The Lahore High Court (LHC) on Tuesday ordered a seven-day extension in winter vacations across educational institutions in Lahore due to unrelenting smog.
The Punjab School Education Department had on Dec 14 announced winter vacations for public and private schools across the province from Dec 24 to Dec 31.
Last week, the LHC directed authorities to propose to the school education department to implement a two-week-long winter vacation as a step to help curb smog in Lahore.
The court previously ordered the closure of schools on Fridays and Saturdays
Hearing the public interest petitions on different environmental issues today, Justice Shahid Kareem of the LHC observed that vacations in schools and colleges ought to be extended due to the persistent smog.
A representative of the Pakistan Electronic Media Regulatory Authority (Pemra), who was also present during the hearing, told the court that letters had been written to satellite channels to run advertisements for the awareness and prevention of smog.
The court remarked that smog was in control to a considerable extent. However, it said the prevention of smog was the responsibility of the government.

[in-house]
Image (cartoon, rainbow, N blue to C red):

The judge also summoned the director general of the Pakistan Disaster Management Authority to the next hearing.
The hearing was adjourned till Jan 6.
A few days ago, the Lahore deputy commissioner submitted a report to the court containing recommendations to mitigate smog.
The report revealed that the Punjab government had already approved a project to procure 200 drone cameras under a World Bank-funded program. It said modern drones with night-vision cameras could be programmed to report smoke emissions even during night-time.
The report further stated that long-range PTZ (Pan-Tilt-Zoom) cameras do not require human control and can automatically detect and record certain emissions from up to 3,000 meters distance. It proposed the installation of the PTZ cameras at smog hot spots in Lahore, including Mehmood Booti, Karol Ghati, Lakhodair, Turkey Road, Ring Road, Multan Road, and Bund Road.
It also suggested the installation of at least ten air quality monitoring stations in the city and an increase in field posts for better implementation of government policies.
The report said the Parks and Horticulture Authority had been focusing more on ornamental plants, whereas urban green spaces should be used to purify the air and reduce “fugitive dust” in the city.